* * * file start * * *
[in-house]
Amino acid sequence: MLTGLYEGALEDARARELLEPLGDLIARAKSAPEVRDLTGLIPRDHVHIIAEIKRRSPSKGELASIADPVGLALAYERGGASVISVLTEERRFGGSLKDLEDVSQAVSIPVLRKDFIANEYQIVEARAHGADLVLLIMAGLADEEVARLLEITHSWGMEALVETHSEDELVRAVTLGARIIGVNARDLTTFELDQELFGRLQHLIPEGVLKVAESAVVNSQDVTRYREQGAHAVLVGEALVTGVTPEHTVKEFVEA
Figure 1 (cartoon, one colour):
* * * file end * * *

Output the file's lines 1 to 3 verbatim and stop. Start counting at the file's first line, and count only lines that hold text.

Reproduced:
[in-house]
Amino acid sequence: MLTGLYEGALEDARARELLEPLGDLIARAKSAPEVRDLTGLIPRDHVHIIAEIKRRSPSKGELASIADPVGLALAYERGGASVISVLTEERRFGGSLKDLEDVSQAVSIPVLRKDFIANEYQIVEARAHGADLVLLIMAGLADEEVARLLEITHSWGMEALVETHSEDELVRAVTLGARIIGVNARDLTTFELDQELFGRLQHLIPEGVLKVAESAVVNSQDVTRYREQGAHAVLVGEALVTGVTPEHTVKEFVEA
Figure 1 (cartoon, one colour):